Conversely sentiment wasn’t necessarily unanimous on the Allied side, as some men objected to the special status accorded her as a female victim. A few weeks after her execution Frederic Keeling, a British soldier on the Western Front, noted that his comrades weren’t much impressed by the self-righteous rhetoric:

I see from the papers that the silly sentimental agitation about Nurse Cavell still goes on at home. A good many soldiers out here don’t think much of it. I have discussed it with many and found them all of my opinion—while admiring the woman immensely, I think the Germans were quite within their rights in shooting her. The agitation reveals the worst side of the English character. I hope some Suffragists who prefer to stand for the principle of women’s equal responsibility for their actions will protest against the rot that is being talked.

Bloodiest Zeppelin Raid of the War

On the night of October 13, 1915 German zeppelins struck Britain yet again, in what turned out to be the bloodiest bombing raid of the war carried out by airships (though not airplanes). This time five zeppelins—L11, L13, L14, L15, and L16—bombed London and several surrounding towns, killing 71, including 15 Canadian soldiers, and wounding 128. Once again the raid rattled British civilians and made an especially big impression on children. One boy, J. McHenry, wrote about the bombing of London the following day for school, describing what were obviously ineffective air defenses: 

I had not been reading more than half an hour when I heard a terrible bang… I dropped the book, rushed to the window opened it and jumped out into the parapet… No sooner had I got out when bang – bang two more bombs followed in quick succession, and then all was silent for a few seconds. Boom—crash—boom, came the answer from our guns, and a hail of lead went sailing skywards, but I am sorry to say that they did not find their destination. I could see gun flashes coming from the British Museum and from the Kingsway, I only just caught a glimpse of the zeppelin in the city direction the search-lights were shining on it, and the shells were bursting underneath it. Whether it was hit I do not know but all of a sudden It disappeared and fled.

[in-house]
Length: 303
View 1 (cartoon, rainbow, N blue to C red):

See the previous installment or all entries.

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15 Things You Might Not Know About Chewbacca
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ANTONIN THUILLIER, AFP/Getty Images

Even if you don't know the name Peter Mayhew, you surely know about Chewbacca—the seven-foot tall Wookiee he has played onscreen for over three decades. In honor of Mayhew’s birthday, here are 15 things you might not know about Han Solo's BFF.

1. HE WAS INSPIRED BY GEORGE LUCAS'S DOG.

The character of Chewbacca was inspired by George Lucas’s big, hairy Alaskan malamute, Indiana. According to Lucas, the dog would always sit in the passenger seat of his car like a copilot, and people would confuse the dog for an actual person. And in case you're wondering: yes, that same dog was also the inspiration behind the name of one of Lucas’s other creations, Indiana Jones.

2. HIS NAME IS OF RUSSIAN ORIGIN.

The name “Chewbacca” was derived from the Russian word Sobaka (собака), meaning “dog.” The term “Wookiee” came from voice actor Terry McGovern; when he was doing voiceover tracks for Lucas's directorial debut, THX 1138, McGovern randomly improvised the line, “I think I just ran over a Wookiee” during one of the sessions.

3. HE'S REALLY, REALLY OLD.

In Star Wars Episode IV: A New Hope, Chewbacca is 200 years old.

4. PETER MAYHEW'S HEIGHT HELPED HIM LAND THE ROLE.

Peter Mayhew
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Mayhew was chosen to play everyone’s favorite Wookiee primarily because of his tremendous height: He's 7 feet 3 inches tall.

5. HIS SUIT IS MADE FROM A MIX OF ANIMAL HAIRS, AND EVENTUALLY INCLUDED A COOLING SYSTEM.

For the original trilogy (and the infamous holiday special), the Chewbacca costume was made with a combination of real yak and rabbit hair knitted into a base of mohair. A slightly altered original Chewie costume was used in 1999's The Phantom Menace for the Wookiee senator character Yarua, and a new costume used during Episode III included a specially made water-cooling system so that Mayhew could wear the suit for long periods of time and not be overheated.